If you happen to be completely new to homeowners associations, you might feel a bit lost as to why you’re suddenly bombarded with a hundred and one tiny little rules, regulating pretty much everything that you do. You might find that you’re told how tall your grass can grow, what height your fences have to be, where you can(not) park your car, and how you might want to consider repainting your entire house to help maintain the neighborhood’s aesthetic.

On the one hand, yes, it makes sense to have general guidelines. A set of rules can help neighbors navigate any arguments that they might have, say, over each other’s yards. It also helps rein in anyone who doesn’t care much about their neighbors’ wellbeing. On the other hand, rules are meant to help people, and too many of them can feel intrusive.

Try telling someone they can’t do something and watch them rebel. Broadly speaking, folks don’t like being told what they can and cannot do on their own property. So any HOA policies have to be rational and reasonable, otherwise, you’ll end up dealing with a suburban uprising.

If you know your rights, you can then air your grievances and look for compromises

It only makes sense that you take the time to study your local laws and regulations, as well as your HOAs set of rules. If you know your rights, you can then easily tell when someone’s overstepping your boundaries. Consider running for a position on the board if you’d like to be more involved in the future of your neighborhood.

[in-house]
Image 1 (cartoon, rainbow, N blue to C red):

Image credits: Ketut Subiyanto (not the actual photo)

According to Sarah Alban, writing for ‘How Stuff Works,’ tackling any problems that you have with your local HOA should start by trying to get in touch with them. Send the board an email or a letter. If that fails, contact the members by phone.

If you still don’t get a response, attend the next homeowners association meeting and address any concerns you might have in person. Your last recourse is seeking legal help if they continue to ignore you. (And if the media got wind of a power-tripping HOA… well, that can also help add a dash of pressure for them to start behaving properly in the future.)

Meanwhile, suggests that you can demand to be heard before the board with your complaint. Try to follow their bylaws and processes for filing complaints to show that you respect the HOA despite your grievances. It can also help if you’ve got some of the other neighbors on your side. Strength in numbers and all of that. If the HOA still refuses to listen to you, you can then consider taking them to court. Either that or maliciously comply with their own bylaws so they realize that they messed up big-time with that new trashcan rule.

The author of the post shared some more context in the comments

The story started a discussion about HOAs. Here’s what some people had to say